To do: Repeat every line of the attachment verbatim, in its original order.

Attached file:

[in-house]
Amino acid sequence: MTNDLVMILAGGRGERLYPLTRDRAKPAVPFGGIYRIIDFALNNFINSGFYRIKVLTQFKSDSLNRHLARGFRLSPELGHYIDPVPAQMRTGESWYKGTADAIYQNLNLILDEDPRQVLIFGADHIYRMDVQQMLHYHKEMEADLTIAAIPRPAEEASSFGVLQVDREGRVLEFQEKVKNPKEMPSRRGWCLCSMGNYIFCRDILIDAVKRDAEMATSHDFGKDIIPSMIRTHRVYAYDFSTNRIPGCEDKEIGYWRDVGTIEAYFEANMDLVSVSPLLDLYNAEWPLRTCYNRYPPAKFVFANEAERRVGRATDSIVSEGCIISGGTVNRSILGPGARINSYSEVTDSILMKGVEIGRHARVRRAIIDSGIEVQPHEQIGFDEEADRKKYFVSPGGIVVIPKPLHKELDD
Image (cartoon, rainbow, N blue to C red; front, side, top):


[in-house]
Amino acid sequence: MTNDLVMILAGGRGERLYPLTRDRAKPAVPFGGIYRIIDFALNNFINSGFYRIKVLTQFKSDSLNRHLARGFRLSPELGHYIDPVPAQMRTGESWYKGTADAIYQNLNLILDEDPRQVLIFGADHIYRMDVQQMLHYHKEMEADLTIAAIPRPAEEASSFGVLQVDREGRVLEFQEKVKNPKEMPSRRGWCLCSMGNYIFCRDILIDAVKRDAEMATSHDFGKDIIPSMIRTHRVYAYDFSTNRIPGCEDKEIGYWRDVGTIEAYFEANMDLVSVSPLLDLYNAEWPLRTCYNRYPPAKFVFANEAERRVGRATDSIVSEGCIISGGTVNRSILGPGARINSYSEVTDSILMKGVEIGRHARVRRAIIDSGIEVQPHEQIGFDEEADRKKYFVSPGGIVVIPKPLHKELDD
Image (cartoon, rainbow, N blue to C red; front, side, top):